What Marvel & Netflix's The Punisher Gets Wrong About The Vengeance of God

A few years ago, I enjoyed binge watching Marvel’s The Punisher on Netflix. Sadly, the show has now been cancelled, but perhaps it will show up again at some point either on Hulu or Disney Plus. Season two was particularly interesting for a variety of reasons. Warning, if you haven’t watched the series, there are some spoilers ahead. The themes of punishment verses redemption were frequently cited throughout the drama along with the subplot of sex crimes against children. I believe it is central to our humanity that these particular themes resonate so deeply in us. From an early age, even those of us that aren’t all that religious, come to understand intuitively that we want some kind of justice to exist in this world and in the one that follows. Typically, this justice is on a spectrum between mere punishment and restorative redemption depending on how heinous we estimate the crime and how closely the perception of the offense impacts us.

Frank Castle a.k.a. The Punisher is a hero that is both damaged and complicated, giving the character depth and forcing viewers to wrestle with issues of justice and vengeance. I found the story to be well written along with a host of questions. For instance, Frank is haunted by the death of his family, relentlessly seeking vengeance on their behalf, a vengeance that is never fully quenched. Frank Castle lives in a continual state of anguish, guilt, and loneliness, never able to find an identity outside of the one he has embraced as a brutal executioner of those who escape existing law enforcement structures. The questions of identity and redemption are hallmark themes to season two of the The Punisher.

Romans chapter 12 verses 19-21 says:

Beloved, never avenge yourselves, but leave it to the wrath of God, for it is written, “Vengeance is mine, I will repay, says the Lord.” To the contrary, “if your enemy is hungry, feed him; if he is thirsty, give him something to drink; for by so doing you will heap burning coals on his head.” Do not be overcome by evil, but overcome evil with good.

Here we have in verse 19 the phrase, “wrath of God.” “Never avenge yourselves, but leave it to the wrath of God, for it is written, ‘Vengeance is mine, I will repay, says the Lord.’' Wrath is connected with God’s response to something that deserves vengeance. And then it says, “I will repay.” So God’s wrath is treated as a repayment to man for something man has done. So just taking this verse alone with its pieces, we could venture a definition of the wrath of God like this: the wrath of God is God’s settled anger toward sin expressed in the repayment of suitable vengeance on the guilty sinner.

When we think of taking “revenge” we are often inclined of thinking about physically hurting someone, because the word is used in that context almost all the time. But here, what I would like to do is NOT focus on revenge as a physical action, but rather, as an emotional and verbal action. I mean this in both ways—the one giving and the one receiving.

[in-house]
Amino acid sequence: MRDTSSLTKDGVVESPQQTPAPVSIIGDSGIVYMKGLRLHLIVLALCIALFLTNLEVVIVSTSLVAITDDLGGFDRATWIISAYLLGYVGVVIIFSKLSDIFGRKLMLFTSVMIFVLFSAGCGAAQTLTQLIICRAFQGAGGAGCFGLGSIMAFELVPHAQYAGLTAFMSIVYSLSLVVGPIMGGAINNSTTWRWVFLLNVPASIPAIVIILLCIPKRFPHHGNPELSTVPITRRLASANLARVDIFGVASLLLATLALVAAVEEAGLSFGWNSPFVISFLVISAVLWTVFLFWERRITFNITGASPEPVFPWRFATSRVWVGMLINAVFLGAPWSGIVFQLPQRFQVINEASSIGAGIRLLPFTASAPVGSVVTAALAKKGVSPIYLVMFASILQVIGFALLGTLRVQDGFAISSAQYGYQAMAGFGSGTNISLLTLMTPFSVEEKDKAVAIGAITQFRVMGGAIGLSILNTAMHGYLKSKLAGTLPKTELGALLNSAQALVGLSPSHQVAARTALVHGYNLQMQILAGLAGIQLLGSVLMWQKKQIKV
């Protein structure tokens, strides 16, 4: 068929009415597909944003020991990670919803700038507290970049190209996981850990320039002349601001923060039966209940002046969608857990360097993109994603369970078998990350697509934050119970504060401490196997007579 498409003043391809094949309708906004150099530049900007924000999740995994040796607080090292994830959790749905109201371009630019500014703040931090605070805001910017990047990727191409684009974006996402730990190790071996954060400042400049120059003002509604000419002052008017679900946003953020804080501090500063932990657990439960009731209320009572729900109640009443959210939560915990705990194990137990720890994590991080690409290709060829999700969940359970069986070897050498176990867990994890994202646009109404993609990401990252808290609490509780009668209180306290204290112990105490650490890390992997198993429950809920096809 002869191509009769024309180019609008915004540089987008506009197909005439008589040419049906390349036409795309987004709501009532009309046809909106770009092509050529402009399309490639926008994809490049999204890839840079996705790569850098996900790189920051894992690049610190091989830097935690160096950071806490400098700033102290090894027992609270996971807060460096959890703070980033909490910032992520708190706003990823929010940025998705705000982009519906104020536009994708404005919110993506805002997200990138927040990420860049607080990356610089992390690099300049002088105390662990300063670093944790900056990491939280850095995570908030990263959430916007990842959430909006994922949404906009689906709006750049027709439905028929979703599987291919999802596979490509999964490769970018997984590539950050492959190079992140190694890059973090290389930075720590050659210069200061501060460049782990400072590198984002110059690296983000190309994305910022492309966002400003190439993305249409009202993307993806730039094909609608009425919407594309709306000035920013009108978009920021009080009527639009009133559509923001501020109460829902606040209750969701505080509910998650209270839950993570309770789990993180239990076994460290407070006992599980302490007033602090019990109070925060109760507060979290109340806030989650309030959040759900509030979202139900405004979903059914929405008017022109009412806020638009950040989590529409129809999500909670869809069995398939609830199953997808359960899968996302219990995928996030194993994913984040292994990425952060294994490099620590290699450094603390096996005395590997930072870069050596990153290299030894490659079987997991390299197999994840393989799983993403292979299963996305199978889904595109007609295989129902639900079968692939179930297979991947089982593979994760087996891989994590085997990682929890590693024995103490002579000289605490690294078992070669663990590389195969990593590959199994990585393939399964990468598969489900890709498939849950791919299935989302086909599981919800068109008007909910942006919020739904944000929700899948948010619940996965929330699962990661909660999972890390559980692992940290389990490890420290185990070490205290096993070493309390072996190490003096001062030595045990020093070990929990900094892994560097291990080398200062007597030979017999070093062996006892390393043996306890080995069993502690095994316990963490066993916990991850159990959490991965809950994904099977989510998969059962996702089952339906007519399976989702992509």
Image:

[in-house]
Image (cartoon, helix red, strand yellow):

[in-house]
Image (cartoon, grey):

When someone hurts us by either saying something about us…ignoring us…not including us…

Jesus implores both Christians and non-Christians not to seek “revenge.”

So you ask, what then are we called to do?

  1. Know who you are: In other words, remember always that we follow Christ and if we want to follow Christ, we have to represent him appropriately. For example, let us say that someone hurt us by saying something that is very hurtful. Do we immediately say something hurtful back to them? If the hurtful words were done without us being there, do we call around to everyone and give a “piece of our mind” about how we feel about the other person? This type of behavior does not lead the other person to repentance; rather it makes the problem bigger and worse. Christ reminds us that he came to save. Similarly, we are called to save others, not seek revenge on them by our words. If we are in the “right,” no words spoken can come against us. The Bible says, “no weapon that is fashioned against you shall succeed…this is the heritage of the servants of the LORD and their vindication from me, declares the LORD.” (Isaiah 54:17) Finally, when you know you are in Christ, you leave revenge up to the Lord. The Bible says, “Dearly beloved, avenge not yourselves…for it is written, Vengeance is mine; I will repay, says the Lord.” (Romans 12:19)

  2. Think: Often, when we get angry and we want to immediately say what is on our mind. Rather than doing that why not let our minds settle down, so that we can think clearly and rationally, so as to make a wise decision about talking to the other person about how they hurt us…rejected us…or ignored us? It’s always better to pray about it first before speaking. Further, it is also possible that we need to fast to seek God’s guidance in regard to how respond appropriately.

  3. Keep going: It’s interesting to note that in the Gospel reading Jesus kept walking toward Jerusalem. In life there will always be “distractions.” As Christians, we have to keep moving. Either we can let the words or actions of others deter our faith in God; or we can keep moving. I don’t mean to say that we need to be ignorant or play “dumb.” But rather, continue on with what we are doing in life with a peaceful confidence that the Lord will fight our battles for us.